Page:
Heavy alcohol drinking is associated with cognitive impairment, but little is known concerning the cognitive effect of moderate alcohol consumption.
The Epidemiology of Vascular Aging (EVA) Study is a longitudinal study of cognitive and vascular aging.
Between June 1991 and June 1993,1,389 subjects aged 59-71 years (574 men and 815 women) who had been recruited from the electoral rolls of Nantes, France, were examined.
Trained psychologists administered a battery of 10 neuropsychological tests assessing most areas of cognitive functioning.
Detailed information on alcohol intake was collected during a structured interview.
A multiple linear regression model was used to examine the relations between test scores and alcohol consumption at baseline in men and women separately, controlling for age, education, income, depressive symptoms, and smoking status.
Odds ratios for being a high cognitive performer (i.e., being in the top 10% of the distribution of summary scores from the neuropsychological battery) were calculated.
Among men, neuropsychological test scores were not associated with alcohol consumption in either univariate or multivariate analysis ; nor did the proportion of high cognitive performers vary by alcohol consumption.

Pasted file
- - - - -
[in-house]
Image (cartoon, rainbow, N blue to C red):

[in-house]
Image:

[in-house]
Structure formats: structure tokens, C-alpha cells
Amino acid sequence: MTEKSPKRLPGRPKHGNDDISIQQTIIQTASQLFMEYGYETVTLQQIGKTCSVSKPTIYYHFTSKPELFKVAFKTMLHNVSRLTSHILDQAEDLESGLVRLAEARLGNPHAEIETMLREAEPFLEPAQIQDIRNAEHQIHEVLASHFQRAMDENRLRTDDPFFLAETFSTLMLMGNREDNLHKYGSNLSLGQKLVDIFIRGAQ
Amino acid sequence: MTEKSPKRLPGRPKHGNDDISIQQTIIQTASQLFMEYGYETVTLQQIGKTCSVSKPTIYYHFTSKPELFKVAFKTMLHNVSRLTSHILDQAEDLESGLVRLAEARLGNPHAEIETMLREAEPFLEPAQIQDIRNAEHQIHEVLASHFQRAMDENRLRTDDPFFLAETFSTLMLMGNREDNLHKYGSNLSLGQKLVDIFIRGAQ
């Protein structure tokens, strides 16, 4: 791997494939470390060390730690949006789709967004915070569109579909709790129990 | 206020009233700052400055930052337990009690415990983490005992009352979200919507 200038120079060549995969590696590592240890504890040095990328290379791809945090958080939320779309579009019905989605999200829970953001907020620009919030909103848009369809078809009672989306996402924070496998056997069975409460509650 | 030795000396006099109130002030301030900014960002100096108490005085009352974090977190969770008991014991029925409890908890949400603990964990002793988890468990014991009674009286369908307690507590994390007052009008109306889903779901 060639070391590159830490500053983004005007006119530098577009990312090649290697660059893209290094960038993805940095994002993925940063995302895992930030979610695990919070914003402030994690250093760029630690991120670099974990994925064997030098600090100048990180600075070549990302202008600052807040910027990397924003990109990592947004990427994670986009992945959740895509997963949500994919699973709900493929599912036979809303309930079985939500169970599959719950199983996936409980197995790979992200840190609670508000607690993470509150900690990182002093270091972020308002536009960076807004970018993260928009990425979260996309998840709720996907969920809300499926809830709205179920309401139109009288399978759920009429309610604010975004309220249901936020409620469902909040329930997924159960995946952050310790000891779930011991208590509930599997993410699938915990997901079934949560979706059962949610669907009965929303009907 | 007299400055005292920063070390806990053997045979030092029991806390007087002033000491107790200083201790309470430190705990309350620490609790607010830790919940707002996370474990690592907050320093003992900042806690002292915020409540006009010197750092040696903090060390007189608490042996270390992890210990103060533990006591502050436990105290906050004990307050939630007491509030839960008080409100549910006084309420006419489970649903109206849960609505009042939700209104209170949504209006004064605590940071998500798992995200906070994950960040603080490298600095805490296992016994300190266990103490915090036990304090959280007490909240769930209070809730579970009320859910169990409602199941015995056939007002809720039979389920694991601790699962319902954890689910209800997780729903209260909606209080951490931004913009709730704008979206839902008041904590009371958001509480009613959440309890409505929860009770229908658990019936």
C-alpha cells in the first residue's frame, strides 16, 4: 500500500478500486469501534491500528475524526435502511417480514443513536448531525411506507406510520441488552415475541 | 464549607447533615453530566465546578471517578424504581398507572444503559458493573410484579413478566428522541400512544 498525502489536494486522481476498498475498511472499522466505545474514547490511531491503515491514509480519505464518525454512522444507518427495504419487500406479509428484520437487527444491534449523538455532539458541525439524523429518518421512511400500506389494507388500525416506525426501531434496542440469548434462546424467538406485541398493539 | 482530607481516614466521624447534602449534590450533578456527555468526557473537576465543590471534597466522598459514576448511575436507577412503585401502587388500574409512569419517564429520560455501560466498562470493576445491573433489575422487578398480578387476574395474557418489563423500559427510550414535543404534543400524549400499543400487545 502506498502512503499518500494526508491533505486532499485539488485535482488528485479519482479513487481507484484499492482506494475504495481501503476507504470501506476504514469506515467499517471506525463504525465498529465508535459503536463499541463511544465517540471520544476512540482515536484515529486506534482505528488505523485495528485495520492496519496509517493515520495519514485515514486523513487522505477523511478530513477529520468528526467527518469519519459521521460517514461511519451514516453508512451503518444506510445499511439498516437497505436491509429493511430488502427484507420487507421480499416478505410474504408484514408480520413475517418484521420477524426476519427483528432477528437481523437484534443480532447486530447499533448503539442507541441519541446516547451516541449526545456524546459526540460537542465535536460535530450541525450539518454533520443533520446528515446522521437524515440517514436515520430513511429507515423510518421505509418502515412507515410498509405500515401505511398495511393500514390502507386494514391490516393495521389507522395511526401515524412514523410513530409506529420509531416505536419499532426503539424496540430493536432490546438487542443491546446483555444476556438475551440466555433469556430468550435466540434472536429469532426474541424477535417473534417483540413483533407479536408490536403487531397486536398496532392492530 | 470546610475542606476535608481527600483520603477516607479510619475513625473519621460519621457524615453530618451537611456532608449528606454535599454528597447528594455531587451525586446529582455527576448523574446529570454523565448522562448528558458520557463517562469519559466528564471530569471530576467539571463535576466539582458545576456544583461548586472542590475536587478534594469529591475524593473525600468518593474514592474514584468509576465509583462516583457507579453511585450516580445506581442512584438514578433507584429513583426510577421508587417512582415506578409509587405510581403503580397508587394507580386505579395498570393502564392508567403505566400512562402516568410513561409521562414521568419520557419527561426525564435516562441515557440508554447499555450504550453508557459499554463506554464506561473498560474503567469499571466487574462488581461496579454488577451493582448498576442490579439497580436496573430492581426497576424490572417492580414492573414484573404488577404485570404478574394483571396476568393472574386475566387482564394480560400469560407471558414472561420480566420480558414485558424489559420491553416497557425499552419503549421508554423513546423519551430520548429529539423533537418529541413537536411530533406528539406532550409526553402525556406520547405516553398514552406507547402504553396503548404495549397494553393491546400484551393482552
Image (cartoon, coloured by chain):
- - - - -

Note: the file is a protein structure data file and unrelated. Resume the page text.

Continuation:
In contrast, among women, significant positive associations between alcohol consumption and cognitive performance were observed for most tests in multivariate analysis. (...)
Mots-clés Pascal : Consommation, Boisson alcoolisée, Ethanol, Cognition, Performance, Intelligence, Sexe, Epidémiologie, Corrélation, Homme, Age 60-69, France, Europe, Etude comparative, Santé et environnement, Psychométrie
Mots-clés Pascal anglais : Consumption, Alcoholic beverage, Ethanol, Cognition, Performance, Intelligence, Sex, Epidemiology, Correlation, Human, Age 60-69, France, Europe, Comparative study, Health and environment, Psychometrics
Notice produite par :
Inist-CNRS - Institut de l'Information Scientifique et Technique
Cote : 97-0479060
Code Inist : 002B30A02A. Création : 03/02/1998.